Said U.S. women’s Coach Richard Quick, who also coached Thompson at Stanford: “Obviously, I’ve been proud of Jenny Thompson many, many times in her career. But I’ve never been more proud of her attitude in preparing for the Games. It’s nothing short of extraordinary. And I think it’s a tremendous testimony to her character.”


The Native American Sports Council has contributed $10,000 for living and training expenses to javelin thrower Todd Riech. The only Native American competing for the United States in the Olympics, he was raised on the Flathead and Kootenai Indian Reservation in Montana.


The International Olympic Committee will prohibit U.S. broadcasters other than rights-holder NBC from airing news conferences during the Games until 30 minutes after they end.

Olympic Scene Notes

Cosmas Ndeti, three-time Boston Marathon winner, was selected to run for Kenya in the Olympics but declined because of the heat and humidity. . . . Kenny Harrison, 1991 world champion in the triple jump, finished first at the U.S. trials but believed he lacked a qualifying mark for the Games. One was found, though, from an indoor meet in 1995.

The U.S. water polo team has moved to its new training headquarters at the U.S. Armed Forces Reserve Center in Los Alamitos. For a week before the July 20 Olympic opener against Italy, the team will undergo “isolation training” in Alabama. An unnamed staffer for U.S. Water Polo told USA Today that means the players “can take their backgammon boards, but no cell phones and no computers.” . . . The U.S. diving team is going to Lexington, Ky., for a training camp this week. Advising the divers on the pressures they will face in Atlanta is Greg Louganis.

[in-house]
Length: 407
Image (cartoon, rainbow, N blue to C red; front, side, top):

The top two U.S. teams on the Miller Lite/AVP beach volleyball tour--Karch Kiraly-Kent Steffes and Mike Dodd-Mike Whitmarsh, were put in opposite brackets in the Olympic draw. It will be no surprise if they meet in the final. The other U.S. men’s team, Sinjin Smith and Carl Henkel, finished second in a recent FIVB tournament. It was their first placement higher than seventh this year. . . . The youngest shooter ever to earn a berth in the Games, 16-year-old Kim Rhode of El Monte, will appear at a clinic at 1 p.m. Tuesday at the Pachmayr International Shooting Park in El Monte.

Coach Mary Lee Tracy on the moves that the family has made on behalf of Olympic gymnast Jaycie Phelps: “Yes, it’s a sacrifice, but it’s not been a sacrifice because it’s been fun. If they sacrificed one thing, it’s a house, and that’s a material thing. They can always get another house.”

Times staff writers Lisa Dillman and Randy Harvey contributed to this story.


This Week

* TODAY-MONDAY: U.S. men’s basketball team vs. Brazil, Cleveland; U.S. baseball team vs. South Korea, Millington, Tenn.

* MONDAY: DN Galan track and field meet, Stockholm.

* TUESDAY: Lithuania vs. Brazil, men’s basketball, Loyola Marymount.

* WEDNESDAY: U.S. men’s basketball team vs. China, Phoenix.

* THURSDAY: U.S. men’s volleyball team vs. Bulgaria, San Diego; Nikaia track and field, Nice, France.

* FRIDAY: U.S. men’s basketball team vs. Australia, Salt Lake City; U.S. men’s volleyball team vs. Bulgaria, Tucson; KP Games track and field, London.

* FRIDAY-SATURDAY: U.S. baseball team vs. Japan, Millington, Tenn.

* SATURDAY: U.S. women’s basketball team vs. Italy, Indianapolis.

* SUNDAY: U.S. men’s basketball team vs. Greece, Indianapolis; U.S. baseball team vs. Italy, Millington, Tenn.